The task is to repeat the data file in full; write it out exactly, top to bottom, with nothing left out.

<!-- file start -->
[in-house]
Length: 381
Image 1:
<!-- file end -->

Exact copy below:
[in-house]
Length: 381
Image 1: